Powers of election body in dispute
LEGISLATORS are divided on how much flexibility the future Boundary and Election Commission should have when deciding the size of each constituency for the 1995 Legislative Council direct elections.
At a bills committee meeting yesterday, several independent members said the three-member commission should be given discretionary powers in drawing the electoral boundaries, while the United Democrats maintained that a more stringent rule should be set out in the bill.
They were responding to the Deputy Secretary for Constitutional Affairs, Mr Leung Chin-man, who had presented two illustrations on boundaries with proposed population variations of 15 and 25 per cent from the average population in a district.
Based on the Government's forecast that the territory would have a population of six million by 1995, every constituency would have about 290,000 people.
Mr Leung said a looser margin rate was more suitable to the coming elections when there was a large population in each constituency.
Referring to the official simulation, Mr Leung said the commission would have greater flexibility if it were allowed a 25 per cent deviation.
Quoting the example of Hongkong Island, where the four election districts have vastly different populations, he said the election boundary would have to be largely redefined if only a 15 per cent deviation were allowed.
By 1995, the populations of the four districts are estimated to be: Wan Chai, 189,800; Eastern, 544,700; Southern, 251,200; and Central and Western, 272,200.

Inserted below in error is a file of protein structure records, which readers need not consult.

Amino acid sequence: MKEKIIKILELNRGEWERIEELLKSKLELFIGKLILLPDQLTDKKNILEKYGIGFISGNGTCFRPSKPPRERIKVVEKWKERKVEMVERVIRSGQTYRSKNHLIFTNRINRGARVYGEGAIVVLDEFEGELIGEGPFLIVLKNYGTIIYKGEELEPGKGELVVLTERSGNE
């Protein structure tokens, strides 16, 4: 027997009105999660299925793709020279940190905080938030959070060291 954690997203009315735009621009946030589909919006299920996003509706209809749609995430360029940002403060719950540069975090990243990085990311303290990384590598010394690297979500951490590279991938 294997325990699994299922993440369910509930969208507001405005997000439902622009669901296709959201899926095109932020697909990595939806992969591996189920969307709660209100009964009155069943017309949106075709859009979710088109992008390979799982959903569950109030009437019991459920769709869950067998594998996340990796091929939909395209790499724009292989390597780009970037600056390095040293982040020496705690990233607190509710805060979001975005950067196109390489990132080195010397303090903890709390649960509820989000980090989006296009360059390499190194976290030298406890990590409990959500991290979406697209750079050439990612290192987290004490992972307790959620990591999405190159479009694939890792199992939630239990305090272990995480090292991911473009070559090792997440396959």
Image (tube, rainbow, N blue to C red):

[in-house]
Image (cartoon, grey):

This means the boundaries would have to be redrawn so as to create a similar number of people in each constituency.
The boundaries for Wan Chai, Southern, and Eastern would have to be redrawn under the 15 per cent discrepancy rate, whereas only those of Eastern and Wan Chai would have to be redrawn under a 25 per cent discrepancy rate.
Independent legislator Mr Andrew Wong Wang-fat noted that a smaller discrepancy rate would result in a more detailed restructuring of the boundary lines, which would hamper the competitiveness of small political groups in the election.
Mr Jimmy McGregor said the Boundary and Election Commission Bill should not limit the decision of the commission, which should have discretionary powers in defining new boundaries.
Mr Roger Luk Koon-ho agreed, adding that the deviation rate should not be so small as to limit the power of the commission.
''As members of the bills committee, our responsibility is not to set a limit for it [the commission]. We are only here to provide a framework,'' he said.
But United Democrats chairman Mr Martin Lee Chu-ming disagreed. He said the population of Hongkong was small compared to that of other democratic countries and the commission should be able to draw more accurate boundaries with closer reference to the population distribution.
He asked Mr Leung to produce another illustration, under a 10 per cent discrepancy, for discussion at the next meeting.